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Emergency services in New Zealand have been left fuming after a hiker activated his emergency beacon in the South Island because he was running late and wanted a lift to his car.


The man activated his emergency beacon late afternoon yesterday and subsequently a rescue helicopter was dispatched to his location at a cost to the New Zealand tax payer of $10,000.

The helicopter's crew were irate to find that the hiker, in his 60s wasn't in any physical danger or trouble other then the fact that he was running late and wanted a lift to his car.

Maritime New Zealand's spokesperson Nigel Clifford said that the MNZ was taking it's time to decide whether or not to press charges against the man.

"While the decision to activate a beacon is one that only the person carrying it can make, depending on their circumstances, it is not a decision that should be taken lightly. It is certainly not a taxi service,'' Mr Clifford said.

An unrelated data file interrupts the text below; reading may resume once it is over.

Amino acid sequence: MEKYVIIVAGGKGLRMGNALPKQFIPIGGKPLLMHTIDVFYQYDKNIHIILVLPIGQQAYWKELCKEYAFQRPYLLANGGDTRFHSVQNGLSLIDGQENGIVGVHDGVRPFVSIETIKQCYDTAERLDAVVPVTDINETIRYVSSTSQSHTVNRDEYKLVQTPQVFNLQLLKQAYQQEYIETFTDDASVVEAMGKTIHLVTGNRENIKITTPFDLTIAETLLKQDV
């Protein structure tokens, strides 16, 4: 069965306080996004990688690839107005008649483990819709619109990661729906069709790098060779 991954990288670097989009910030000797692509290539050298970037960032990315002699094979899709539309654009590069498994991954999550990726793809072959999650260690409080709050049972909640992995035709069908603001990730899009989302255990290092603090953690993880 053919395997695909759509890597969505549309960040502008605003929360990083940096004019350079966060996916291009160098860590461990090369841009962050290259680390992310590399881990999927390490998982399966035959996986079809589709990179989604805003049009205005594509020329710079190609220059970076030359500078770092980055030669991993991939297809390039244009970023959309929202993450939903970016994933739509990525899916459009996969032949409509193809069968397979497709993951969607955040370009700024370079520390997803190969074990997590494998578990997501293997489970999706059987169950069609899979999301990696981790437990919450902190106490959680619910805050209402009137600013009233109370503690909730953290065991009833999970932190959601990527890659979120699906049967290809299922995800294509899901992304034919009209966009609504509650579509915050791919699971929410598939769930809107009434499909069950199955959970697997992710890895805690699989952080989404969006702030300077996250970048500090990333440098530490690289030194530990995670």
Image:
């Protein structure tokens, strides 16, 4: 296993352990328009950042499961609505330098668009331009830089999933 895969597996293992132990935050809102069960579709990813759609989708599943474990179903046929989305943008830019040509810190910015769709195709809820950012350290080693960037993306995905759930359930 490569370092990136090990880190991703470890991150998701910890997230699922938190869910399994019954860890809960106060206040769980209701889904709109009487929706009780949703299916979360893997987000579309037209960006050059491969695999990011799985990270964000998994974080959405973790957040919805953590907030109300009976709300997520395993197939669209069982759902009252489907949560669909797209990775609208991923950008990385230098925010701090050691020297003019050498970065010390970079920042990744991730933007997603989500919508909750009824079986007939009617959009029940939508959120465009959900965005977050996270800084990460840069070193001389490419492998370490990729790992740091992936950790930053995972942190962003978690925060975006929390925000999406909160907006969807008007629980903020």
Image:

Clifford and his MNZ crews were particularly upset with the fact that while their chopper was ferrying a man to his car it was unable to be potentially available to respond to an actual emergency.

"The helicopter was tied up for two-and-a-half hours," he said. "That aircraft was unavailable for any other genuine emergency that may have arisen.''

Penalties for the misuse of beacons range from a formal warning, infringement notice penalty of $NZ250 and prosecution, which carries a maximum fine of $NZ30,000.



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